View from Mt. Lafayette, White Mountains, NH

Current  Topics  (Funded via NSF CAREER, and NOAA MAPP)

Earth’s climate is changing on a global scale, but we live and work and play here, or somewhere else. Even as global citizens, we live day-to-day in particular places.  And these places matter to us.

So, we want to understand how will the changing climate affect “my place”? As it turns out this is a cutting edge problem in climate science.  Although we have a pretty good handle on the global scale changes to expect (given assumptions about the future radiative forcing),  as we narrow the focus from global to local there are many more details that come into play, and the problem becomes more complex.   And the climate models we use must capture these interactions – its a tough problem.

Our research focuses on regions, and we work with latest available climate models, with a purpose to gain a credible understanding of regional climate change that will both build our knowledge and inform decisions.



Understanding Northeast Climate Change

  • Recent observed climate: seasonal cycle, variations from year-to-year, trends, extremes
  • Climate model simulations of recent climate
  • Climate model projections of future climate, given scenarios of human forcing



How can we establish the credibility of climate models?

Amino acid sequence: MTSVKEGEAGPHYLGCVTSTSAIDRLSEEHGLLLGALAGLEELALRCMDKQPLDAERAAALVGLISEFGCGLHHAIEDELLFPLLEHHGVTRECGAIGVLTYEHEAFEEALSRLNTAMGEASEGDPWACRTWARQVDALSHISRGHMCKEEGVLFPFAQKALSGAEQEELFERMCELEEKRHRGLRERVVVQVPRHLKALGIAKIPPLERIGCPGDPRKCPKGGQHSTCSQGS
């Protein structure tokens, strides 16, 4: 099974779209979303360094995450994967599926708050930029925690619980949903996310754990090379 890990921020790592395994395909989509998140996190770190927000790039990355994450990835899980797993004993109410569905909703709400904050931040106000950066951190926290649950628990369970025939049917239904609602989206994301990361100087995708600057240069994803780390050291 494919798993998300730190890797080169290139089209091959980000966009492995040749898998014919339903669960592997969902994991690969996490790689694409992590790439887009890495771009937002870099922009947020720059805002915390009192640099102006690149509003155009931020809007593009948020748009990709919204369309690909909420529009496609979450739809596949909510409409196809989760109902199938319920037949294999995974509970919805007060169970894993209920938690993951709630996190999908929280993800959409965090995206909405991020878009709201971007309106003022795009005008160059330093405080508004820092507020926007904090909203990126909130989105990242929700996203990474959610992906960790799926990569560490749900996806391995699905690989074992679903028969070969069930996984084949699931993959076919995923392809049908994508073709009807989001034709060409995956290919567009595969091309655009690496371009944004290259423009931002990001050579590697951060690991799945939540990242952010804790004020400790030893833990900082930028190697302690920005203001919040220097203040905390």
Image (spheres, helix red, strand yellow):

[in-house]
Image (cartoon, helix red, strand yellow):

In a given region, what are the critical climatic processes required for successful model simulation?

Is expert judgement required to evaluate such processes? Or is it possible to derive sophisticated diagnostics to evaluate such processes? Does selection of “better”  models lead to “more credible” regional projections?



monsoonfigHow do monsoons change in a warmer world?

Did you know there are seven monsoon regions on Earth?  In these regions the annual warm season rains provide critical water resource, to than half of the world’s people.

We are working to understand how a warming climate  might change the timing and intensity of the monsoons.


Previous Studies

OLYMPUS DIGITAL CAMERAEvaluating Climate Change in the Altiplano,  with University of Missouri (funded by USAID)

Working with a multidisciplinary team, which includes Agricultural Economists, Social Scientists and National Meteorological and Hydrological researchers, we have examined the changing nature of precipitation variability and extremes of temperature and rainfall in the South American Altiplano regions of Bolivia and Peru. Outcomes from this research can be found in our Publications.